What’s the plan behind the women’s prison proposal?
New Hampshire Corrections officials gave out details last month for a proposed $38 million, 224-bed women’s prison behind the men’s prison in Concord. We know the number of cells in receiving and diagnostics, the medical unit and each of three classification tiers. But the top-down, instead of grassroots, planning process for this major capital item has remained opaque until recently.
There was a compelling reason for the secrecy. The state was still evaluating 17 bids from four vendors to construct a prison or prisons and run them for profit or lease them back to the state. It would have been worse than disingenuous to air the state’s real intentions any time this winter.
The bidders, some of them international players with big legal departments, might have sued for getting so badly used. No doubt the Department of Corrections learned a great deal about building a new prison from the proprietary companies.
The 224-bed plan hinges on the assumptions behind a published graph of inmate census projections that says the state would need a 275-bed facility a year and a half from now if the recent rapid growth in the women’s census continues. The $38 million scenario predicts that figure will stabilize at 224 in the next year and stay there.
There is some reason to favor the optimistic number. According to assistant commissioner Bill McGonagle, the population is rising because the reforms in a 2010 law known as SB 500 have largely been repealed. Also known as the Criminal Justice Reinvestment Act, it took away much of the discretion of the Parole Board and forced it to release prisoners sooner and hold them a shorter time on parole violations.
To cover either guesstimate, the smaller prison would be expandable to 300 beds. The core facilities, such as visiting room, dining room, treatment areas and classrooms could handle that population from the start. As a precedent, the 500-bed men’s prison in Berlin could serve 1,000 inmates just by adding multiple pods that are already designed.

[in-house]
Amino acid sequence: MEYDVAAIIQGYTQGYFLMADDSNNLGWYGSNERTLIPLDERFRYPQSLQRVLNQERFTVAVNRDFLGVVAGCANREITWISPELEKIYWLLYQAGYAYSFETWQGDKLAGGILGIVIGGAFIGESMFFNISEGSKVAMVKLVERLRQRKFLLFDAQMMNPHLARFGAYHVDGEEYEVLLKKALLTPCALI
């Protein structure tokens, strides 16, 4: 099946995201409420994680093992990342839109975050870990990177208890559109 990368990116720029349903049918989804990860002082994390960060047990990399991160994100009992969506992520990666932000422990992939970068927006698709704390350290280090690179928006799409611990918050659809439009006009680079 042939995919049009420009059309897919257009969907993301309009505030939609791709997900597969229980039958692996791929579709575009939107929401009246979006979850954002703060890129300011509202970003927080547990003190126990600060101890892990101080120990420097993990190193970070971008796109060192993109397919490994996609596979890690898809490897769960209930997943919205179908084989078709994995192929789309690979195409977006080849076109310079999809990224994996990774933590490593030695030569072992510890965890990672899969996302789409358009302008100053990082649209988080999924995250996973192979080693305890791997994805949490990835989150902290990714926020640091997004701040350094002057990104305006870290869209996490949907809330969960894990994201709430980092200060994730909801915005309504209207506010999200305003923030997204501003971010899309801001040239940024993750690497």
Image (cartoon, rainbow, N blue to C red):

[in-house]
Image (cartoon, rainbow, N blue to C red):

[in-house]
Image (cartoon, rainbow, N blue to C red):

Today, the state incarcerates some 190 female prisoners in grossly inadequate conditions at Goffstown, at the Shea Farm halfway house in Concord, at the Strafford County House of Corrections and in other county jails. The women’s population was roughly 125 a mere 18 months ago.
Few if any of those prisoners are getting proper services, according to a lawsuit filed by New Hampshire Legal Assistance. The litigation is on hold while the parties wait to see if lawmakers finally fund a new lockup.
What this plan lacks, perhaps understandably, is a long-term vision and the courage to lay out a philosophy of corrections to justify every lock and brick. Let me explain. It’s not just that the census projections stop at the end of 2014. There’s also no coherent idea behind the plan.
This is a hot political issue, and the balance of power in the State House has swung wildly in the last three elections. Before Corrections Commissioner Bill Wrenn came aboard, the state welcomed a new commissioner on a yearly basis.
But maybe we ought to spend most of the money on relatively cheap halfway houses, sober houses, electronic ankle bracelets and monitoring, home incarceration, and other low-security situations, leaving a small high-security core prison with intensive treatment and diagnostic services that the women would occupy as briefly as possible. Sullivan County House of Corrections has substantially implemented that approach, and I’m told it works.
Lawmakers should pass the $38 million bill. That’s got to be a no-brainer. But once officials secure the appropriation, we would strongly urge Gov. Hassan and the Department of Corrections to hold a series of public hearings around the state to explain and sell the finest ideas behind the plan. Let them do some listening. Hold a brainstorming design seminar or two to get cool suggestions from a public capable of compassion and savvy.
Chris Dornin is founder of Citizens for Criminal Justice Reform.Edit ModuleShow Tags